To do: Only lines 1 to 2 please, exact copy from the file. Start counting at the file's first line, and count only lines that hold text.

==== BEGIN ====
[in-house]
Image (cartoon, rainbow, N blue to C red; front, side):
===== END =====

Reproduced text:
[in-house]
Image (cartoon, rainbow, N blue to C red; front, side):